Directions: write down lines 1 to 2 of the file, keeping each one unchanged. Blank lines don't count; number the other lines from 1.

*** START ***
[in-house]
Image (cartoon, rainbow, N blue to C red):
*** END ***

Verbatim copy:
[in-house]
Image (cartoon, rainbow, N blue to C red):